Chinese onshore tender prices cause concern

CHINA: Senior Chinese wind industry executives are concerned low bidding for the country's first public onshore tender could endanger the development of its wind industry.

10 of the wind farms will be part of the 10GW Hami complex in Xinjiang

The tender involved 24 wind projects with a combined capacity of 3.5GW, in China's Xinjiang and Hebei provinces. The projects required developers to use turbines of around 2MW or more.

The majority of bidders were Chinese manufacturers, although Gamesa was also represented.

Industry officials said the low prices are due to more localized production, falling cost for raw materials and lower transportation costs. However, there are also fears the bidding is descending into a price war.

A senior executive from a leading turbine maker, who asked not to be identified, said: "China does not have prototyping technologies for 3MW wind turbines. It is unimaginable how the enterprises could offer such low prices for the turbines."

The executive also warned that squeezing costs could impair turbine quality.

Onshore details

  • 14 wind farms of 100MW each (with one 200MW) in the Bashang project in ZhangJiakou, Hebei province.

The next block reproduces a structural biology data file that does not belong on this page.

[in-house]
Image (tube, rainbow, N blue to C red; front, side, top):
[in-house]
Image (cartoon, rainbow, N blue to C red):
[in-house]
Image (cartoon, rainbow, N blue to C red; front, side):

• 10 wind farms totalling 2GW capacity in Hami 10GW project in Xinjiang. The tender requires developers to use turbines with a capacity of 2.5MW or bigger.
  • Bidders include: Sinovel, Goldwind, Guodian United Power, Dongfang Electric, Shanghai Electric, XEMC, Mingyang and Yunda. Gamesa is the only foreign company joining the public tender.

Goldwind offered the lowest price, CHY3,812/kwh, for 1.5MW turbines for the Zhangjiakou projects. This is about CHY400/kwh lower than the price offered by Sinovel, CHY4,200/khw, for same turbines in the beginning of the year. Most turbine producers offered CHY4,000-4,100/kwh for 1.5MW turbines.

The low bids came in the wake of similar events surrounding China's tenders for four offshore and inter-tidal wind farms. The winning prices were CHY0.6-0.7/kwh, near the benchmark prices for onshore wind farms.

It led Vestas China president Jens Tommerup to remark that prices paid in the offshore tender do not leave enough funds for operations and maintenance.